Very few companies know what they really sell. Yeah, I know how this sounds. Like I am the one that is clueless. Restaurants think they sell food, amusement parks think they sell fun, CPA’s think they sell tax advice, tax filings and consulting services, and marketers think they sell lead generation, branding, or some other marketing function. They are all wrong.

  • A restaurant sells romance, taste bud euphoria, a place to reinforce relationships. Food just happens to be the way that happens.
  • Amusement parks sell adrenaline, and family and friend time. Thrilling rides is what brings all that together.
  • CPA’s sell peace of mind, stress-free tax returns, time savings, bigger refunds/smaller tax liability etc. Accounting is what makes those things happen.
  • Marketers sell profitability, growth, prospects of being acquired,  ability to fund other departments, and more.

When your prospects first set out to buy what you have to sell, they are not even thinking about your company or even the tangible products or service you provide. They have a problem or desire and first look at what set of solutions satisfy solving the problem or desire.

For example, at the end of each spring as the school year comes to a close, moms nationwide begin the search for “How do I keep my kids busy during summer.” Summer camps, YMCA, sports, church retreats, summer school, jobs, water park memberships and more all fall on the list of possible solutions. In this case, multiple solutions can be chosen. Once the solution has been identified, then solution providers are sought after.

This is when your industry become aware that what you think you sell, is being bought. If you host a summer camp, you think you compete with other summer youth camps. While this is true, you may not also realize that before that, you also compete with theme parks, community rec centers, athletic teams, trampolines, and computer gaming.

A smart marketer who works for a summer camp does not see them in the youth camp industry. They see themselves in the “What do I do with my kids during summer” industry. This change of mindset does three things:

  1. Helps your company stand out as solution, not just a solution provider. When you are solution, people come to you first and see you as a trustworthy advisor. This cuts down costs on marketing and advertising.
  2. Buyer confidence is higher because you connect at a deeper level of what people are really buying. You are no longer a transactional provider.
  3. You become better at getting word of mouth business. A mom reading a friends social media request for good recreation center programs, knows that her friend is really looking for the best options to keep kids busy. One who bought from you might say something like, “I am not sure what our rec center does, but I put my kids in Sir-Laughs-A-Lot Comedy Camp for Kids and they loved every minute of it, I recommend it.”

When you compete on solution you attract a wider net of people, before they enter the buying phase that creates a crowded costly environment for you.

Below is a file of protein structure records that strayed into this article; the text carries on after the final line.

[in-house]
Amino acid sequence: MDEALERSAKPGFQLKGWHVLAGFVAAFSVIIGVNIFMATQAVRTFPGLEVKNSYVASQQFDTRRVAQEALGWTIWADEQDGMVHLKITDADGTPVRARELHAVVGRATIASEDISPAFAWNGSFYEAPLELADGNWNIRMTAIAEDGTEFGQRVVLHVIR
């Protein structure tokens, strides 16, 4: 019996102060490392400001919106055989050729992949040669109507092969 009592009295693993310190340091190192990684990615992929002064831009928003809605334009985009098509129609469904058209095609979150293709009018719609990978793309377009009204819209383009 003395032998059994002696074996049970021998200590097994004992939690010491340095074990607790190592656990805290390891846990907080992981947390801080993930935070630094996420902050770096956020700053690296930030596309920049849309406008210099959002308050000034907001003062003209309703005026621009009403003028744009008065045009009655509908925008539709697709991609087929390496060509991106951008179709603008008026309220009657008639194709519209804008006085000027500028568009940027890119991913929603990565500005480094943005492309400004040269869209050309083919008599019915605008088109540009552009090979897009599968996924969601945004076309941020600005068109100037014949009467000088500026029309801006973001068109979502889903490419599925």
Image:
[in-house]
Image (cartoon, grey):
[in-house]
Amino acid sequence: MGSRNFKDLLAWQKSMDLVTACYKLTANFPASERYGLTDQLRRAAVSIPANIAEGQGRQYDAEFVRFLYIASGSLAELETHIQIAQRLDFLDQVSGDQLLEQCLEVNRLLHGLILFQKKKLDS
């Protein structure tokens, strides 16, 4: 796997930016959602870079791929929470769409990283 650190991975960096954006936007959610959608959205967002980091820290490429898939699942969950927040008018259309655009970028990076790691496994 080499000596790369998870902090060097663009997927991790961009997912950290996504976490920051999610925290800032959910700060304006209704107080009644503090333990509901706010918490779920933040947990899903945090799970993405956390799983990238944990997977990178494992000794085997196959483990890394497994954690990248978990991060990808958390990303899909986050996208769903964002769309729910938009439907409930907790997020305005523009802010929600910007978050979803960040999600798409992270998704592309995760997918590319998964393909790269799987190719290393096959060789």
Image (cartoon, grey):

So if you want to attract leads before they start talking to those who offer the same solution as you, start talking about what people are really buying. You may find that there are four main things people buy. These would now become your four main marketing messages. Own those messages. Create a content strategy around them, reinforce with social ads and PR, reflect it in your website and every piece of communication you put out.

We did this once with an insurance agency. They were buying leads from an online lead source. When they called us, they were complaining that the leads were no good. We had nothing to do with who they were buying leads from, but we disagreed with the agency. If people were filling out lead forms on the Internet, it meant only one thing: they had no idea how to find an agency that met their real needs, so they resorted to price. This agency was never going to win on price.

So we created an automatic email campaign that went out whenever a new lead came in. The email that went to the online shopper read something like this, “Thanks for inquiring about insurance prices. Before I get back to you, I want to let you know we will not be the cheapest bid you get. It’s a fact and I know it. So if that is the only thing important to you, do not take my call. But, if you also value having confidence that you have all the coverage you need and personalized attention when you need it – then by all means, do take my call. In fact, the number one reason I retain 98% of my clients is because…(we talked about what people really wanted out of an insurance agency). I look forward to talking to you soon.”

Guess what, they went from converting less than 5% of the leads to clients to converting 40% of the leads to clients. Awesome, right! That’s a big deal. The leads were good. The messaging was not.

When messaging reflects what your buyers need to see, hear, feel, know and experience, everything changes for the better.

So what are you waiting for? Right now go and identify what people are REALLY buying, then change your messaging to reflect it. Good luck and let me know how it goes for you.